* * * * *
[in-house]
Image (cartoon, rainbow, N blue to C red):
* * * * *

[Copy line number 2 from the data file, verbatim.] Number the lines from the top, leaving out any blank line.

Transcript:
Image (cartoon, rainbow, N blue to C red):